On the eve of the second anniversary of the brutal military coup in Myanmar, the United States seems to be joining the list of countries complicit in the regime’s atrocities, along with the likes of Russia and China.
Despite the Biden Administration’s copious number of statements expressing “deep concern” about the situation in the country, the Myanmar junta’s defense ministry has been invited to “a regional military meeting and table-top exercise” co-hosted by the U.S. and Thailand next month. Lt.-Col. Martin Meiners, a spokesperson for the U.S. Department of Defense (DoD), confirmed this information to a local media outlet Myanmar Now.
Given that this is a high-level invitation intended for regional security partners, the U.S. is not only providing a veil of legitimacy to the Myanmar military and its brutal actions but also oiling the gears of the military’s killing machine. Since the coup, the regime has arrested over 17,000 and killed nearly 2,900 of its own citizens, including children. A staggering 1.6 million people are currently displaced while the soldiers continue to rage a terror campaign across the country – burning villages, forcibly disappearing opposition party members, and committing gruesome massacres with impunity. “Table-top exercises” are the last thing these killers need.
What is more outrageous is that this is not a standalone oversight by the U.S. government. When news of this invitation broke, Burmese advocates such as myself were still in shock at Human Rights Watch (HRW)’s revelation that from July to November 2022, the U.S. Treasury Department cleared a $1.3 million payment from Japanese firm Yokogawa Bridge Corp. to Myanmar Economic Corporation (MEC), a U.S. sanctioned military conglomerate led by coup leader Min Aung Hlaing himself.
It was not the only payment made, either. HRW later found that Yokogawa Bridge Corp. also made similar payments to MEC in December 2022 and January 2023, totaling around $2 million. This money will ultimately help fund the regime’s atrocities and likely even be used to acquire weapons from the junta’s top arms suppliers, Russia and China. Treasury’s exemption was a slap on the face of the people of Myanmar who have since the February 2021 coup called for a total disengagement with the junta, and for stronger sanctions and additional actions to cut off its revenue flows.
The U.S.’s position as an ally for democracy in Myanmar looked a lot more promising at the onset of the coup than it does now. Within days of the coup, the Biden administration took swift actions to order punitive measures against the military, including sanctions, freezing of assets, and providing temporary protected status for Myanmar nationals in the U.S.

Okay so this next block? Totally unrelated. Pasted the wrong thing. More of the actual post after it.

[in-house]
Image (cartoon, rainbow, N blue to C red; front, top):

Yet, the momentum was short-lived. Two years later, the Biden administration still has not developed a clear, effective sanctions strategy. It has also yet to designate the state-owned Myanmar Oil and Gas Enterprise (MOGE), the regime’s single largest source of foreign currency revenue. When we raise the possibility of MOGE sanctions to State Department officials, ironically, we are told that the U.S. is worried about the potential harm caused by sanctions to the Myanmar people. Truly, what more harm could be done than by lining the generals’ pockets?
When the U.S. Congress passed the BURMA Act as an amendment to the 2023 NDAA in December, Burmese advocates in the U.S., including myself, saw it as a glimmer of hope that the U.S. might finally step up its pressure on the Myanmar junta. Many of us have been pushing for the draft legislation of the BURMA Act for the past year-and-a-half but to no avail, due to some roadblocks from Republican senators. So, when it was finally passed, we celebrated it as a major step the U.S. Congress took toward holding the Myanmar military accountable.
Though significantly compressed from an earlier version of the bill, the BURMA Act outlines `concrete policies that can help the pro-democracy movement. The legislation contains provisions to codify and extend targeted sanctions against the junta and its affiliates, pave the way for potential sanctions of MOGE, pledge assistance to pro-democracy groups, including technical support and non-lethal aid to resistance groups, and provide humanitarian assistance.
Unfortunately, recent actions from the Treasury and DoD show a brazen disregard for the priorities set forth by Congress through the BURMA Act to isolate the junta. Instead of implementing the legislation and imposing new sanctions, the Biden administration is falling short of upholding even the existing ones. The recent waiver given to Yokogawa Bridge Corp. raises questions about how many more exemptions have been granted behind closed doors, which have enabled the junta to commit more atrocities.
As for the regional security meeting, the U.S. is using the old playbook of blaming the ASEAN Secretariat for the invite with an air of nonchalance. Hiding behind ASEAN to avoid taking any strong measures has been a hallmark of the U.S.-Myanmar policy since the coup. Instead, the U.S. should be demanding the junta be banned and withdrawing from the meeting otherwise. The idea that the DoD will be giving more training to these war criminals is appalling even as a thought.
Two years on from the coup, the rest of the world had moved on from the crisis in Myanmar. The global response has been largely absent. We need the United States to be championing its democratic allies in imposing costs to the junta, not giving them more support alongside China and Russia.